The government coalition in Estonia failed to reach an agreement regarding the supplementary state budget on Monday, Minister of Finance Keit Pentus-Rosimannus told ERR, adding that they hope to have everything figured out by the end of the week.
"We're progressing on the supplementary budget at pace at which essentially all agreements will hopefully be concluded by the end of this week, and it will be possible to hand it over to the Riigikogu within the month of April," Pentus-Rosimannus said.
The volume of the supplementary budget has not yet been set, but is slated to fall within the €600-800 million range. "There are still details that are being clarified, which is why it's too soon to talk about definitive figures," she explained.
It is already clear that the supplementary budget will be divided between three bigger areas. Energy security-related expenses are expected to reach some €200 million, which will include the establishment of gas and fuel reserves, approximately €30 million for the construction of an LNG terminal as well as investments in energy savings, the finance minister said.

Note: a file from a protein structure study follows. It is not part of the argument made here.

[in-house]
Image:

The second major area will be national defense, which is also expected to receive an additional €200 million. This will include the strengthening of both civil and military defense.
The third bigger area, which is to receive approximately €70 million from the planned supplementary budget, is the addressing of the immediate consequences of the effects of the war in Ukraine. According to Pentus-Rosimannus, this means allocating funding to Estonia's education system. Slated to receive funding are Estonian-language schools and kindergartens accepting war refugees from Ukraine.
Some €50 million from the supplementary budget is earmarked for offering shelter and housing to war refugees.
Also planned into the supplementary budget are proposed one-off benefits to be disbursed this fall, which Center Party parliamentary group chairman Jaanus Karilaid spoke to ERR about earlier on Monday.
According to Pentus-Rosimannus, the state intends to introduce a two-part solution to support target groups who have encountered hardships: increasing the monthly subsistence level from €150 to €200, and disbursing one-off financial benefits to pensioners and to families with children.
According to the finance minister, the exact amount of these benefits is currently still being discussed, but it is likely that a total of €30 million from the supplementary budget will be earmarked for their payment. Increasing the subsistence level as planned will require another €30 million.
Editor: Aili Vahtla